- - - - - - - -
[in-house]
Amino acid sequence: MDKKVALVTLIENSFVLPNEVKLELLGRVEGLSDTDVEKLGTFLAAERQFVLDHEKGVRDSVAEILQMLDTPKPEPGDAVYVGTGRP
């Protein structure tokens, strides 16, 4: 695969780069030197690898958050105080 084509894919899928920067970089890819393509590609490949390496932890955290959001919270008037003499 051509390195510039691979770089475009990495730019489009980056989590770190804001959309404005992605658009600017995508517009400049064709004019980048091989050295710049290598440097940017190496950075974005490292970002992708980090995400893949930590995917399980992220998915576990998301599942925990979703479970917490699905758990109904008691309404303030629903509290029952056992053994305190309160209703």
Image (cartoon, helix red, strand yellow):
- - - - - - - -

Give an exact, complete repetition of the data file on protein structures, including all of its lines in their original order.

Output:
[in-house]
Amino acid sequence: MDKKVALVTLIENSFVLPNEVKLELLGRVEGLSDTDVEKLGTFLAAERQFVLDHEKGVRDSVAEILQMLDTPKPEPGDAVYVGTGRP
């Protein structure tokens, strides 16, 4: 695969780069030197690898958050105080 084509894919899928920067970089890819393509590609490949390496932890955290959001919270008037003499 051509390195510039691979770089475009990495730019489009980056989590770190804001959309404005992605658009600017995508517009400049064709004019980048091989050295710049290598440097940017190496950075974005490292970002992708980090995400893949930590995917399980992220998915576990998301599942925990979703479970917490699905758990109904008691309404303030629903509290029952056992053994305190309160209703």
Image (cartoon, helix red, strand yellow):